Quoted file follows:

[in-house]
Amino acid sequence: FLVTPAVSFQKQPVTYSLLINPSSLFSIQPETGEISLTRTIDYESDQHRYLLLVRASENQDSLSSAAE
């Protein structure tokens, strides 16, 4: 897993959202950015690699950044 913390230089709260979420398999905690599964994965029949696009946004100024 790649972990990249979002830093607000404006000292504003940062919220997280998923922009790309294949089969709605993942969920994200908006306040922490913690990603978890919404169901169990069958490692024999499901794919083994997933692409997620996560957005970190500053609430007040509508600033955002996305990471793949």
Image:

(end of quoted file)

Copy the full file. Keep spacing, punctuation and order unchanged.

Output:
[in-house]
Amino acid sequence: FLVTPAVSFQKQPVTYSLLINPSSLFSIQPETGEISLTRTIDYESDQHRYLLLVRASENQDSLSSAAE
């Protein structure tokens, strides 16, 4: 897993959202950015690699950044 913390230089709260979420398999905690599964994965029949696009946004100024 790649972990990249979002830093607000404006000292504003940062919220997280998923922009790309294949089969709605993942969920994200908006306040922490913690990603978890919404169901169990069958490692024999499901794919083994997933692409997620996560957005970190500053609430007040509508600033955002996305990471793949």
Image: